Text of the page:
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We will never forget, I Have a Dream


An African American man stood in front of millions of people.  He was a preacher who was active in his church and community, and a man of valor that resounds throughout all those who hear him.  These were the makings of something great. The scene was a march for many. It was a moment that made a statement in the world as we knew it.  One man stood up against the world.

In 1963, Martin Luther King Jr. spoke in front of many about the importance of equality.  He encouraged individuals to see a person for their ethical standard, not based on their color.  “Now is the time to make justice a reality for all of God’s children,” he said. “It would be fatal for the nation to overlook the urgency of the movement.”

The 1963 Million Man march marked the momentum of the Civil War movement.  Coined towards focusing on jobs and freedom, an estimated two to 300,000 people were in participation for the event.  According to the archives, the group who organized the march on Washington, were involved with civil liberties and unity within.  Martin Luther King Jr. was asked to deliver a speech in front of everyone. What came next was momentous.

For 100 years prior, African Americans were neglected and treated irrationally. No matter the age, they weren’t allowed to be normal like the whites. They were slaves, servants, peasants and were worthless in most people’s eyes (during this time).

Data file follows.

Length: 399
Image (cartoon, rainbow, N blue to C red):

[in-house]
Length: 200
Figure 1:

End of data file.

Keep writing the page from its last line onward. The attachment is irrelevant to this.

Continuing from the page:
I question how unaware that people could be to think that life was supposed to be that way. Were we really that uneducated to think that a person of a different color wasn’t normal?  Sadly, we all know the answer was yes.

Martin Luther King Jr. knew as soon as he set foot on that stage that his life was about to change.  He wasn’t afraid of the repercussions. He just wanted those in need to be heard. The speech’s main focus was to alter people’s way of thinking.  It was supposed to incorporate a better sense of self-worth.

“No, no, no, we are not satisfied,” King said. “We will never be satisfied until justice rolls down like waters and righteousness like a major stream.  I am not unmindful that some of you have come here out of great trials and tribulation.”

King wanted those who were under restraints of life to be free from all distractions.  He wanted those people focused on the real price of freedom. That entailed a bus full of whites and blacks, no whites only signs and no glares due to a black child going to the same school.  His speech hit spot on with the responsibility which lay within all of us. I commend King for his strength in laying a foundation of ethics that remain strong and evident to this day.

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